The Mainland

If Kiribati is considered isolated, we are more isolated at Taborio, as it is not on the mainland of South Tarawa. In the holiday break, Philip and I had to go to South Tarawa to open a bank account. We waited for nearly 4 hours in a queue at the bank, amongst signs that said ‘Social Distancing in Progress – keep 1.5 metres away’. I’m not sure if this was lost in translation, however it wasn’t being adhered to in the slightest! On the other extreme, some people were wearing face masks, and children under 18 had been asked to stay at home.

Struggle to remain or return – Being asked to make a decision amid no chance of leaving

Personally, it has been a very confronting time. Each time there is hope for a repatriation flight, I struggle with the decision to stay or go. Being told if I stay and the virus comes, I may use up a local’s need for the medical treatment leaves me with a huge sense of guilt for still being here. Knowing there is not adequate healthcare here if the virus was to come and staying anyway. It has been difficult being given advice to leave, and feeling judged for my decision to remain, by people who are not living in or understanding my situation. The want to be with my family, as my parents are more vulnerable due to their age. Having struggled with the decision several times now and then learning there has never been a chance to leave, has been a very mixed time of emotions.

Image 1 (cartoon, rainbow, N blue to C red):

Supplies are generally very limited on this side of the island, yet on the mainland we noticed the lack of ships allowed into port are resulting in less supplies available. Most items here are imported so there may be a big effect on many industries. It is ironic hearing people complain about the lack of supplies in Australia, yet they still have access to more produce than locals have here all the time!


The strongest feelings behind my decision to stay are ones of solidarity, a sense of responsibility for my role as Principal and the awareness that if I stay and the virus comes, I will be able to support the students and staff with a calm, rational, realistic and global mindset. In answer to the question; “What is it like living in a country free from Covid-19?”, the answer is “There is much uncertainty, guilt and concern.” It is not like we are lying back without a care in the world. Despite not having it here, therefore not affected physically, we are still dramatically affected in many other ways. We do not know what is around the corner in terms of Covid-19 in Kiribati. We remain vigilant, honest and realistic. We will deal with whatever comes our way.

You can support the staff and students at Immaculate Heart College by making a regular or one-off donation to their project. This project provides professional development for the local teachers of the college.